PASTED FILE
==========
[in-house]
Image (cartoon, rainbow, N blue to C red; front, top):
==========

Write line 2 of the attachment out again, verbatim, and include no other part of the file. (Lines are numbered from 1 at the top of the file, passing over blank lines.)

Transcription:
Image (cartoon, rainbow, N blue to C red; front, top):